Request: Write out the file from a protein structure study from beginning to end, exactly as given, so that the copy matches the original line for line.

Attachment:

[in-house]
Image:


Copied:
[in-house]
Image: